[Update: This paper has been updated and published as the Silverlight Security Overview. -Nick]
Wanted to let folks know about a white paper we’re making available (attached below). We plan to incorporate this into the main Silverlight documentation by the time we ship the Silverlight 4, but in the meantime I didn’t want to keep this content to all ourselves. J We have a fair amount of documentation on Silverlight security already, but there’s a couple holes that we hope to address with this paper. The more obvious is that it’s, well, an overview — sometimes you don’t need all the gory details, you need a basic lay of the land so you can orient yourself and figure out what details are relevant to you. The second thing we’re trying to address is to give an introduction to our security thinking, for example why it’s safe for Silverlight to allow sandboxed apps to open files (OpenFileDialog & isolated storage). We don’t get into every detail of every security decision we’ve made, but it will give you a lot of insight into how we choose what to enable in the sandbox.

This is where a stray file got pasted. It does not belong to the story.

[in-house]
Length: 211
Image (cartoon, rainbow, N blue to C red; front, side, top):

As usual, we appreciate your feedback, both about Silverlight and about this paper, either via blog comments or by emailing me directly at firstname.lastname@example.org. Thanks.
Update 11/23 — Thanks for your feedback, I made some edits based on your suggestions:
- reorganized the networking section
- added WebBrowser.NavigateToString() as a way to create XSS holes in Silverlight
- improved wording — “keep the user safe” -> “help keep the user safe”, got rid of the “provably correct” line, etc.
- provided pointer to more info on mark of the web
- fixed a couple typos
- used .doc instead of .docx
Thanks again, I’m looking forward to the next round of feedback!